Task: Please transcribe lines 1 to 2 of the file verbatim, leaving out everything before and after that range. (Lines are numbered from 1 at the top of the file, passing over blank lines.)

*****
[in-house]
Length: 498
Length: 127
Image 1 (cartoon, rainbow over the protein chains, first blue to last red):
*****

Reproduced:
[in-house]
Length: 498